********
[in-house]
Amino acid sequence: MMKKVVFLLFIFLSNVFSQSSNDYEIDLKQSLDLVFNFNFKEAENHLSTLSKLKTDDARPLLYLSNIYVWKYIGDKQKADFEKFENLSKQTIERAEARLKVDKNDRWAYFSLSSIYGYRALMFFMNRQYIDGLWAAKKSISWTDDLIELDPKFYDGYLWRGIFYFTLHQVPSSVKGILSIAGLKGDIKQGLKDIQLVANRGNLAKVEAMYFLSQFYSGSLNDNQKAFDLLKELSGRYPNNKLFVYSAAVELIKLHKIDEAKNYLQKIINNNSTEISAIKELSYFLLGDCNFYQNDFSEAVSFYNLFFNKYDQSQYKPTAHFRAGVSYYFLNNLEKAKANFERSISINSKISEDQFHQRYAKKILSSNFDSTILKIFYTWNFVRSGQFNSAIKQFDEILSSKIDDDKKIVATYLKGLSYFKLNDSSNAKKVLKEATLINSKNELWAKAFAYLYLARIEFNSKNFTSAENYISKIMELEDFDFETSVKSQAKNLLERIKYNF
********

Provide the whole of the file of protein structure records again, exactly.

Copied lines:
[in-house]
Amino acid sequence: MMKKVVFLLFIFLSNVFSQSSNDYEIDLKQSLDLVFNFNFKEAENHLSTLSKLKTDDARPLLYLSNIYVWKYIGDKQKADFEKFENLSKQTIERAEARLKVDKNDRWAYFSLSSIYGYRALMFFMNRQYIDGLWAAKKSISWTDDLIELDPKFYDGYLWRGIFYFTLHQVPSSVKGILSIAGLKGDIKQGLKDIQLVANRGNLAKVEAMYFLSQFYSGSLNDNQKAFDLLKELSGRYPNNKLFVYSAAVELIKLHKIDEAKNYLQKIINNNSTEISAIKELSYFLLGDCNFYQNDFSEAVSFYNLFFNKYDQSQYKPTAHFRAGVSYYFLNNLEKAKANFERSISINSKISEDQFHQRYAKKILSSNFDSTILKIFYTWNFVRSGQFNSAIKQFDEILSSKIDDDKKIVATYLKGLSYFKLNDSSNAKKVLKEATLINSKNELWAKAFAYLYLARIEFNSKNFTSAENYISKIMELEDFDFETSVKSQAKNLLERIKYNF